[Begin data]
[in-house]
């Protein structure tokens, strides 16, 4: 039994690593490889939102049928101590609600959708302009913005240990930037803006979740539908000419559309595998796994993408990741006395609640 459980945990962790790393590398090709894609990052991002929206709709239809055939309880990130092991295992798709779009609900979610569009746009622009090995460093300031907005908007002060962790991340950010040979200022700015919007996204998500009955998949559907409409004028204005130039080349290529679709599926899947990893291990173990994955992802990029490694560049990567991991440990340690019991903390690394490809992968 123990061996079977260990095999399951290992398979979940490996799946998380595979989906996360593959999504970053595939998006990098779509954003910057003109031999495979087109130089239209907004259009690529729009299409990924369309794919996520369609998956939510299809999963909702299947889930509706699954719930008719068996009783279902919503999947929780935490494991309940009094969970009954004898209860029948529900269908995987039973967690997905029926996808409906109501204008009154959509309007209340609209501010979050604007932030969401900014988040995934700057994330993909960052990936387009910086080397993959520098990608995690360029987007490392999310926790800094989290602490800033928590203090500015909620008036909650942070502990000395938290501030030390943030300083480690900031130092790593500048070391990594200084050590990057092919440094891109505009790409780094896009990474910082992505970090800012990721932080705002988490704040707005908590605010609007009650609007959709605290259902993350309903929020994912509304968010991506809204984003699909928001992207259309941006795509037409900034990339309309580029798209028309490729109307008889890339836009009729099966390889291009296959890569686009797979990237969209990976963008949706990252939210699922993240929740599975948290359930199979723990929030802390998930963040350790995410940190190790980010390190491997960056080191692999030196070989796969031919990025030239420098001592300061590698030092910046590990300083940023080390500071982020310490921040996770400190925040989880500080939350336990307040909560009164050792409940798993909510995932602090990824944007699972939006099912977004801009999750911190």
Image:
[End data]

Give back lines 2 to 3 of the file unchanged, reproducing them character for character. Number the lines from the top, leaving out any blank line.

């Protein structure tokens, strides 16, 4: 039994690593490889939102049928101590609600959708302009913005240990930037803006979740539908000419559309595998796994993408990741006395609640 459980945990962790790393590398090709894609990052991002929206709709239809055939309880990130092991295992798709779009609900979610569009746009622009090995460093300031907005908007002060962790991340950010040979200022700015919007996204998500009955998949559907409409004028204005130039080349290529679709599926899947990893291990173990994955992802990029490694560049990567991991440990340690019991903390690394490809992968 123990061996079977260990095999399951290992398979979940490996799946998380595979989906996360593959999504970053595939998006990098779509954003910057003109031999495979087109130089239209907004259009690529729009299409990924369309794919996520369609998956939510299809999963909702299947889930509706699954719930008719068996009783279902919503999947929780935490494991309940009094969970009954004898209860029948529900269908995987039973967690997905029926996808409906109501204008009154959509309007209340609209501010979050604007932030969401900014988040995934700057994330993909960052990936387009910086080397993959520098990608995690360029987007490392999310926790800094989290602490800033928590203090500015909620008036909650942070502990000395938290501030030390943030300083480690900031130092790593500048070391990594200084050590990057092919440094891109505009790409780094896009990474910082992505970090800012990721932080705002988490704040707005908590605010609007009650609007959709605290259902993350309903929020994912509304968010991506809204984003699909928001992207259309941006795509037409900034990339309309580029798209028309490729109307008889890339836009009729099966390889291009296959890569686009797979990237969209990976963008949706990252939210699922993240929740599975948290359930199979723990929030802390998930963040350790995410940190190790980010390190491997960056080191692999030196070989796969031919990025030239420098001592300061590698030092910046590990300083940023080390500071982020310490921040996770400190925040989880500080939350336990307040909560009164050792409940798993909510995932602090990824944007699972939006099912977004801009999750911190």
Image: